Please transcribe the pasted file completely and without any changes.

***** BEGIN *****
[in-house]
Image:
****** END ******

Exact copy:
[in-house]
Image: